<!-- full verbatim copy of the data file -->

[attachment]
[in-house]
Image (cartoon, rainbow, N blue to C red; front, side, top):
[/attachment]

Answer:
[in-house]
Image (cartoon, rainbow, N blue to C red; front, side, top):